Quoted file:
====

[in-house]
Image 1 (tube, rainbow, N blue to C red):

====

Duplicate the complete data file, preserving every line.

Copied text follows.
[in-house]
Image 1 (tube, rainbow, N blue to C red):